He became the first in his family to attend college, graduating from what’s now Carnegie Mellon University in Pittsburgh and earning a master’s degree in theater arts from Penn State. He received a doctorate in communications from the University of Missouri before joining the faculty at Southern Illinois University, where he would teach for decades. He also was a visiting professor at New York University, where his archives — papers, notes, scripts, children’s toys and thousands of films dating back to the silent movie era — are housed at the Hagop Kevorkian Center.

Courtesy Michele Tasoff Jack and Bernice Shaheen Jack and Bernice Shaheen (Courtesy Michele Tasoff)

His drive to find and — if possible — root out the unflattering and often ugly portrayals of Arabs in film arrived when his two children were watching a cartoon. When they ran into the living room and announced that there were “bad Arabs” on TV, Shaheen came in for a look. He was aghast, and it dawned on him that is was quite possible his children would grow up without ever seeing a “humane Arab” on television.

He began collecting movies, television shows, other media that he believed offered clear and lasting evidence that Arabs and Muslims were rarely depicted as ordinary people. It was a painful and unpleasant task, his daughter said, but one he felt was necessary.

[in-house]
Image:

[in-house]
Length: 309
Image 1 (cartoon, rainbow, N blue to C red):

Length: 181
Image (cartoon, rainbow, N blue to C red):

“He was the one who would say ‘This is not OK,’” Tasoff said.

But he made inroads. George Clooney used Shaheen as a consultant on both “Three Kings” and “Syriana,” both set in the Middle East, and directors sought him out for advice. He recently consulted on Nickelodeon’s “Shimmer and Shine,” an animated children’s series about a pair of in-training genies. Shaheen and his wife, Bernice, who worked as his consultant, established a scholarship for Arab American mass communication students.

“The community lost one of its best,” said American-Arab Anti-Discrimination Committee Chairman Safa Rifka. “His work started a conversation about the representation of Arabs in Hollywood and the need for more nuanced depictions of the community. Dr. Shaheen will be greatly missed.”

Tasoff said her father was optimistic, yet pragmatic. Forward momentum may have been slowed with 9/11 and a wave of new television shows like HBO’s “Homeland.” President Trump’s proposed travel ban offered further discouragement.

“But he always remained hopeful,” she said.

He is survived by his wife, his daughter, a son Michael and four granddaughters.


The Aladdin Controversy, Disney Can't Escape

Jack Shaheen, one of the most respected and loudest critics of the vilification of Arabs in Hollywood